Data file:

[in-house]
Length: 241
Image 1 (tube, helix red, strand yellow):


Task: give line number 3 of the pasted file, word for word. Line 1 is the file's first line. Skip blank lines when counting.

Image 1 (tube, helix red, strand yellow):